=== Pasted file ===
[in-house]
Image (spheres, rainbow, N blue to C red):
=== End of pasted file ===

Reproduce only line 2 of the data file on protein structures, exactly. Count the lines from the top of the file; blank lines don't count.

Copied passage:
Image (spheres, rainbow, N blue to C red):